Although I think Barack Obama is making a mistake attacking Sarah Palin's false claims, inconsistencies and surprises in her record, it doesn't mean they are irrelevant. While Obama should stay on the subject of John McCainJohn Sidney McCainGOP rushes to cut ties to Moore GOP strategist: 'There needs to be a repudiation' of Roy Moore by Republicans World leaders reach agreement on trade deal without United States: report MORE's plans, proposals and record of voting with President Bush, there is plenty for surrogate Democrats or Joe Biden to chew over in Palin's past.

Just today, Palin went after Obama in her remarks in Ohio, and reiterated her now-trademark line about how she "told Congress thanks but no thanks on that Bridge to Nowhere, but if we wanted a bridge we would build it ourselves here in Alaska."

Then she said she was surprised Obama would want to raise the subject since he has requested nearly $1 billion in earmarks for Illinois in three years, which she said added up to roughly $1 million each working day he has been in office. She said Obama did so as a "senatorial privilege," as if he had been collaring funds for his own personal benefit, doing something different than she has done herself.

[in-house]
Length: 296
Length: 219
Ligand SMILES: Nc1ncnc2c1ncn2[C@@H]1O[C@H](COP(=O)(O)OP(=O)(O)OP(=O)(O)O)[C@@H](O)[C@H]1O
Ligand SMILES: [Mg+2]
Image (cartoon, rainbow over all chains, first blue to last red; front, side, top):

Don't be fooled, Palin knows the benefit of bringing home the bacon for her constituents as well and she has an impressive record of getting it. When she started her career as mayor of Wasilla, she hired a lobbyist to help secure millions of dollars of earmarks for the town. When she ran for governor she let the voters of southeast Alaska, who would be served by the controversial bridge, know that "we need to come to the defense of southeast Alaska when proposals are on the table like the bridge and not allow the spinmeisters to turn this project or any other into something that's so negative."

One of those very spinmeisters was John McCain. And once the project became unpopular as a result of such talk, Palin told Alaskans, "It is clear that Congress has little interest in spending any more money on a bridge between Ketchikan and Gravina Island." The state kept the $400 million to be spent on other projects.

So "thanks but no thanks" is not what Palin told Congress. Since then the state has made requests totaling $750 million in special federal funding, the largest per capita in the country. Palin's wish list to Sen. Ted Stevens (R) this year alone was 70 pages long. And it happens to add up to more than $1 million for each working day in her less than two years in office.

But who's counting?

WHO ARE THE VOTERS PUSHING McCAIN & PALIN AHEAD? Ask A.B. returns Monday, Sept. 15, and I want to know who you think is moving the numbers. Please join my weekly video Q & A by sending questions and comments to Thank you.